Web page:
Louisiana Crawfish Co. brings mudbug season to faraway Southerners

Louisiana Crawfish Co. brings mudbug season to faraway Southerners | StayingSouthern.net

(Image source: lacrawfish.com)

It’s a tough time of year to live outside the South – crawfish season.

If you’re a Southerner far from home, chances are you’ve spent the last few months drooling over your friends’ Facebook photos of more than a few crawfish boils.

Louisiana Crawfish Co. is a farm after my own heart: They strive to bring the South to those of us who loved it and left it. Founded in 1985, Louisiana Crawfish Co. specializes in shipping Louisiana products – especially live crawfish – just about anywhere. 

Louisiana Crawfish Co. brings mudbug season to faraway Southerners | StayingSouthern.net

(Image source: lacrawfish.com)

Retail and wholesale customers can enjoy live crawfish delivered right to their doorstep.

In addition to crawfish-only orders, Louisiana Crawfish Co. also offers party packs that include live crawfish, seafood boil, their own special Creole seasoning, crawfish bibs, a t-shirt, a koozie and even Mardi Gras beads. With prices starting at about $75, you and 3-6 of your pals will have almost everything you need to have a traditional crawfish boil in your own backyard, wherever that may be. Louisiana Crawfish Co. also accommodates larger shipments, in case you want to invite the whole neighborhood.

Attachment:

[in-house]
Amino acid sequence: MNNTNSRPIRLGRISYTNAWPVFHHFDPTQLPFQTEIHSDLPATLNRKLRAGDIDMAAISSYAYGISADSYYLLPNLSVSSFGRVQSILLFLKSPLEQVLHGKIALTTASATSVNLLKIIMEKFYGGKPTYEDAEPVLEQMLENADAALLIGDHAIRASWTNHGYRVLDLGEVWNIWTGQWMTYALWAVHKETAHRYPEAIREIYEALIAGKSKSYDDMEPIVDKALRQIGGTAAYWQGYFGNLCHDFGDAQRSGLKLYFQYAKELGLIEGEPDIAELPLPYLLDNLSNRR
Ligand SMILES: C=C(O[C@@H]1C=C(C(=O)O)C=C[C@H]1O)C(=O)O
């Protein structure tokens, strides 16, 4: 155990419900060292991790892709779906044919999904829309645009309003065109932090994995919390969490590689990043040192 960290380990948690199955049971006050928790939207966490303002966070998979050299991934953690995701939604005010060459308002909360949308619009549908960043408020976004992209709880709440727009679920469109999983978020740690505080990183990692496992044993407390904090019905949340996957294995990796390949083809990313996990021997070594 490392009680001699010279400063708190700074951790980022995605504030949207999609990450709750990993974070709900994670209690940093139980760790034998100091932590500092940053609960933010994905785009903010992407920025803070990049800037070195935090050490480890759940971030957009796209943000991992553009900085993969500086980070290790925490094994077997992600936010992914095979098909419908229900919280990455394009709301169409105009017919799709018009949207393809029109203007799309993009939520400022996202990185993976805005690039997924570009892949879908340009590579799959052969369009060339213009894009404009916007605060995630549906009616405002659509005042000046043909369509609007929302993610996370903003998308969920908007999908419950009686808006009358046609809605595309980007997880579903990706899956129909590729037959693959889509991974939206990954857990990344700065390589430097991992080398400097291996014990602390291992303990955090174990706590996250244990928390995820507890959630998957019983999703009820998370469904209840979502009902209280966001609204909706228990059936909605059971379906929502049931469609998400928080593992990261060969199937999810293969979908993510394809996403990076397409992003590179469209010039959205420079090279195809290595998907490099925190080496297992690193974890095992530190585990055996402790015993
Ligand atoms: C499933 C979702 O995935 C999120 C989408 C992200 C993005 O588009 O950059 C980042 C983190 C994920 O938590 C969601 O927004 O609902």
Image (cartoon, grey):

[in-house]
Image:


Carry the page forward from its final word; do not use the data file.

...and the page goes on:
Louisiana Crawfish Co. brings mudbug season to faraway Southerners | StayingSouthern.net

(Image source: lacrawfish.com)

This family-owned and operated business leads the industry with tried and true shipping methods and competitive pricing. They stand behind all of their products, offering a money-back guarantee and they will price match if you are able to find a lower delivered cost. With a “why pay more” attitude, the Louisiana Crawfish Co. website offers price comparisons with other retailers.

A standard of stellar quality and service is evident in an abundance of happy customer testimonials.

Louisiana Crawfish Co. doesn’t stop at distributing only mudbugs. Alligator, turtle, various seafood, King Cakes, spices, Lasyone’s meat pies, turduckens,  a wealth of other party supplies and Southern goods are available on LaCrawfish.com.